Walking into the Johns Hopkins Cancer Center was both humbling and scary, but I was greeted immediately by one of their many concierges.  He took both my hands and said, "You're new here; we're going to take very good care of you."  He directed me to a registrar who confirmed my information and gave me a badge to wear.  The badge had a GPS chip in it; my doctor knew I was there and how long I would be waiting, and if I wanted to, could sit in their cafe, and the doctor's assistant would come and get me.  Amazing.

My surgery went well.  The surgeon was able to extract clear margins, and the seminal node is clear.  I'll start radiation in a couple of weeks; chemo is a remote possibility.  I'll also do hormonal suppressant therapy for five years.  Those treating me were competent and compassionate.  I am beholden to them.

I'm well.  I'm happy.  I'm blessed.

"To laugh often and much;
to win the respect of intelligent people
and the affection of children;
to earn the appreciation of honest critics
and endure the betrayal of false friends;
to appreciate beauty;
to find the best in others;
to leave the world a bit better
whether by a healthy child,
a garden patch, or a redeemed social condition;
to know even one life has breathed easier
because you lived here.
This is to have succeeded."

from ROBIN by David Itzkoff taken from Ralph Waldo Emerson

Friday, April 19, 2019

Take Care Your Wishes

Notre Dame Cathedral virtually burned to the ground this week; still more immigrants seek asylum; our country 's divide grows as those corrupt and hate-filled saturate the news with anathema and their power.  Temperatures wold-wide have increased two degrees, and Mother Nature becomes more and more violent in her response.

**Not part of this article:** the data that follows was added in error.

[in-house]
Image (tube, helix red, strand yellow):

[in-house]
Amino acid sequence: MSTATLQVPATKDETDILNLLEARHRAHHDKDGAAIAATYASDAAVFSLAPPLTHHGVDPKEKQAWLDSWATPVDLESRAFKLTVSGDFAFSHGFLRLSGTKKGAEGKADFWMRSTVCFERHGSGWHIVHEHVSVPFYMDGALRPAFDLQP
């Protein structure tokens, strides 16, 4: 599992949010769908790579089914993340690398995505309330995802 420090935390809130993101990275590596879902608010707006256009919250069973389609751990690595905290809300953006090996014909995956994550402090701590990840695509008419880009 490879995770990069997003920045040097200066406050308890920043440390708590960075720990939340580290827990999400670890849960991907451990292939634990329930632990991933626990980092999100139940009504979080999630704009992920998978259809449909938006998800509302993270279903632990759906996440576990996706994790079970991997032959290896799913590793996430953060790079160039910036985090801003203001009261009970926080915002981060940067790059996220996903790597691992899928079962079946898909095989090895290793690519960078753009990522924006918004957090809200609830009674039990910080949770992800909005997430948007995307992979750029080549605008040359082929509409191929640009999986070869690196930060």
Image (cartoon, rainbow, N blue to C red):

More importantly, this is the week I was told I have breast cancer.  I saw the mammogram; I intrinsically knew it didn't look good; I saw the look on the faces of the technicians and the radiologist;  I saw they wouldn't look me in the eye,  and yet I was devastated when told.  I waited until my husband left for work, and then sobbed.  

I wonder if the fates heard me when I've frequently said I don't want to grow old.  Frailty terrifies me.  What I'm feeling now is a close second.  I'm at the mercy of others.

I mourn the loss of my normal.  I mourn that a part of my body that I love is now sick.  I see the shirts that boast, "These are fake; my real breasts tried to kill me,"  and while I appreciate the humor, I cannot join in with the laughter as something I treasure, with which I've lived for 67 years is sick and will soon  be under the knife.  And as trivial as it seems, I'm saddened by my soon-to-be bald head, and wondering if I can learn how to tie a scarf, a pretty one that makes me look as if I'm handling my illness well.

Tuesday, December 11, 2018


I do a lot of thinking while doing jigsaw puzzles and I complete a lot of puzzles.  My latest seedling came in the form of  -- oh hell, why don't I just get to it.

I send Christmas cards.  Not necessarily to those who send to us, but to folks I want to wish a Merry Christmas.  (Gone are the days when I kept track and sent only to those who sent greetings to us.  I send cards to those I want to let know we're thinking of them.)

What if, after all  the cards on my list were sealed, stamped, and mailed, I made a new list of all those who have slighted, somehow hurt our feelings, even cognizantly so,  (I'm not including those who've committed serious crimes, not that there are many times, if any, I've been victimized; that might not be a good idea -- for lots of reasons) and sent them cards with heartfelt greetings. 

I don't intend to make these folks feel badly, well not real badly, but it might awaken in them an epiphany.  But more than seeking a response in someone else, I think this might affect me more.